An asymmetry between distance estimates made to and from a target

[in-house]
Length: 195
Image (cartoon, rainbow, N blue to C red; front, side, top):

AbstractIn three experiments, we demonstrated that the self can act as a cognitive reference point, producing an egocentric asymmetry effect on distance judgments such that targets are judged as closer to the viewer than the viewer is to the target. Egocentric asymmetry was observed even when there was a fixed reference object that people could use to anchor distance estimates across trials (Experiment 2). Further, egocentric asymmetry was greater to a non-human artifact than to a human avatar (Experiment 3). In addition, distances from a mailbox to a human avatar were estimated as shorter than distances from an avatar to a mailbox, suggesting that the special status of the self may extend to other people when compared to non-human objects even in allocentric distance judgments (Experiment 2).


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